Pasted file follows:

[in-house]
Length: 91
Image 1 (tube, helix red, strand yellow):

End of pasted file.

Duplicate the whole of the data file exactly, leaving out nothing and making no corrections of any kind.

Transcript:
[in-house]
Length: 91
Image 1 (tube, helix red, strand yellow):